Wine 101: Tips for sipping


Share
Posted Online: March 19, 2013, 12:04 pm
Comment on this story | Print this story | Email this story
By Bill Ward
Improve your learning curve — and fun factor — with these pointers from a wine expert:

I enjoy talking about wine. Sometimes, to my never-ending surprise, other people actually want to hear me yak away on the topic.

During the course of several such public discourses, it becomes easy to pick up on what resonates with an audience, beyond my advice that the best way to learn about wine is to pop a lot of corks.

Here are a few tips and topics that generally garner a good reaction from folks interested in wine:

Identifying aromas is more parlor game than useful exercise: Sniffing a wine generally is enjoyable and can be useful if you're looking for freshness, clarity, harmony (alcohol fumes = bad) and focus, but not if you're debating whether you're getting Key lime or kaffir lime.

And those tasting notes that list a litany of fruits and other elements should be pretty much ignored, certainly not emulated. The wonderful wine importer Kermit Lynch explained: "I might smell violets on a wine out of the barrel, but by the time it's bottled, there are no violets there. And a year later, it will have none of the same aromas as before. Or you can get an aroma at one temperature, but you heat the wine up five degrees and that aroma's gone."

What we "know" can hurt us: The wine world is no place for assumptions and conventional wisdom. At a recent tasting before a wine dinner, I hit upon a theme of counterintuitive bottles: a complex Beaujolais worlds apart from the candyish Nouveau that most folks associate with the region (Domaine Diochon Moulin-a-Vent); a dry moscato (see Wine of the Week) and a malbec not from Argentina but its homeland, the French region of Cahors (Chateau Eugenie). People love surprises, or at least the open-minded sorts who most enjoy wine.

Understanding texture is actually pretty simple: Talking about weight/body/texture/mouthfeel can elicit befuddled looks — until I trot out a "lactic" analogy from writer Karen MacNeil that unerringly provides context. Light-bodied wine = skim milk; medium-bodied wine = whole milk; full-bodied wine = cream. That prompted one wag at our recent gathering to quip as we sipped the Beaujolais, "I think this one is 2 percent milk."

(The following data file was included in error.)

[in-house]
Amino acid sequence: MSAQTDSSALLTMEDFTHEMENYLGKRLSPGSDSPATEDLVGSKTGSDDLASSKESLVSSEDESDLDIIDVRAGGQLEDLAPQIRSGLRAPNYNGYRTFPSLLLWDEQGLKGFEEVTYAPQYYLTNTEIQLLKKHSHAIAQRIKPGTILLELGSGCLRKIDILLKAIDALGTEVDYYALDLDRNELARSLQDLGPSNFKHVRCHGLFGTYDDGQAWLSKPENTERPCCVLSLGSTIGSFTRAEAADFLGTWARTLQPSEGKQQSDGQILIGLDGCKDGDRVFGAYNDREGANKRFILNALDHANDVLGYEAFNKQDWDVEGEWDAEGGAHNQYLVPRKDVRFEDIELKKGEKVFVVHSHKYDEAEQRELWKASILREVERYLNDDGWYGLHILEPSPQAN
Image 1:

Cook with what you drink: And this is not just about how my better half and I call "cooking wine" the stuff we quaff while we're actually prepping a meal. Wine should be viewed just like other ingredients in a dish: A good cook wouldn't use 5-year-old dried herbs, and a $20 cut of meat deserves a better flavor enhancer than most any $6 wine.

And I unfailingly quote my friend, Duxoup Wine Works winemaker Andy Cutter, who knows a thing or three about food:

"Never use crummy wine while cooking, because all it does is cook off the alcohol — and the only thing good about crummy wine is the alcohol."



















 



Local events heading








  Today is Friday, Sept. 19, the 262nd day of 2014. There are 103 days left in the year.
1864 -- 150 years ago: Charles M. Osborn of this city, a lawyer of prominence, who voted for Lincoln in 1860 is now out strong for McClellan and will take the stump for him.
1889 -- 125 years ago: The George Fleming company had begun its dried fruit packing in a branch plant on 16th Street, Rock Island, employing nearly a hundred workers.
1914 -- 100 years ago: The cornerstone of the new Eagles home was laid. Building committee members were John Kobeman, Fred Ehmke and Frank Wich.
1939 -- 75 years ago: Former Kaiser Wilhelm, in exile, is sad as the Nazis march with communists.
1964 -- 50 years ago: Ninety-two members of the acappella choir at Davenport's West High School today accepted an invitation to perform at the New York World's Fair on June 13, 1965.
1989 -- 25 years ago: A Rock Island woman is one of 50 winners of $10,000 in cash in the Illinois State Lottery's "Celebration "89" instant ticket game. Dawn Loeffler was the third winner to be chosen through daily drawings that began Aug. 28 and will run 50 consecutive days.






(More History)